State Senate will not hear legislation to change license system from 12-month scheme to 365-day license.
SACRAMENTO—California’s anglers just can’t catch a legislative break. The State Senate won’t be hearing a proposal to change California’s fishing license infrastructure from a 12-month scheme to 365-day program. Assembly Bill 1387 (AB 1387), which was proposed by Assembly member Jim Wood, D-Santa Rosa, was taken off the docket for this legislative session due to Covid-19.
State legislators have engaged in a limited legislative session due to the Covid-19 pandemic, only taking on matters deemed essential or urgent. AB 1387 was not considered to be an essential or urgent.
Wood, however, said he would re-introduce the 365-day fishing license proposal once the 2021-2022 legislative session kicks off early next year. He added he intends to keep the implementation date proposed in AB 1387.
“I have every intention of re-introducing a 365-day fishing license bill next year that aims to introduce many more Californians to the great outdoors,” Wood said in a released statement. “I look forward to working with the California anglers and the recreational boating industry and many others, to bring about meaningful reform soon.”
Wood is the latest state lawmaker to try to change California’s 12-month fishing license scheme and replace it with a 365-day license system. State Sen. Tom Berryhill made three attempts at fishing license reform before retiring from the legislature (due to term limits). Each attempt failed to make it out of the state legislature.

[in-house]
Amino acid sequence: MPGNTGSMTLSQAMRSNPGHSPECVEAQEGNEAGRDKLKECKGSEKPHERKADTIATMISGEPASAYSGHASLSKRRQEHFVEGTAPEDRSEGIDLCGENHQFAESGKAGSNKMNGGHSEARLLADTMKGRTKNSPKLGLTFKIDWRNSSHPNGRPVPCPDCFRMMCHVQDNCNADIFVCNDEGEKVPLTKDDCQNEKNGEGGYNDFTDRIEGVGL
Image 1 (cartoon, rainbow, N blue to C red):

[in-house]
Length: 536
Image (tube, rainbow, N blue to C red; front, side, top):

Marko Mlikotin, executive director of the California Sportfishing League, expressed disappointment in AB 1387 failing to make it to the governor’s desk this year.
“California anglers have every reason to be disappointed that fishing license reform will not come in 2020. For decades, California’s costly and antiquated fishing license program has contributed to declining fishing participation rates and fewer economic benefits for communities and jobs dependent on outdoor recreation,” Mlikotin said. “States that offer anglers a license that provide a full 12-months of fishing from the date of purchase have experienced increased license sales and revenue.
“Unfortunately, this pandemic killed reform, but it was not due to a lack of support,” Mlikotin continued. “Over 70 state and national organizations supported Assembly Bill 1837 and as part of plan to improve fishing and hunting licensing programs, the California Department of Fish and Wildlife recommended transitioning the state to a 365-day license.”
Supporters of fishing license reform have long contended California’s 12-month license scheme has contributed to decline angling rates within the state. The California Sportfishing League stated annual resident sportfishing license sales have declined by 55 percent since 1980, despite California’s population increasing by more than 60 percent in the same span.
An annual fishing license bought in California expires on Dec. 31, regardless of when it was purchased. Most licenses are purchased in the first quarter of any given year, and then declines from that point forward, according to the state’s data.
Berryhill and Wood have been proposing to shift the licensing scheme to allow an annual license to be valid for one full year, regardless of when it was purchased.
AB 1387 had made it out of the State Assembly unanimously and was in the State Senate for deliberation. The bill originally proposed to shift away from the 12-month licensing scheme and implement the 365-day license structure as early as Jan. 1, 2021.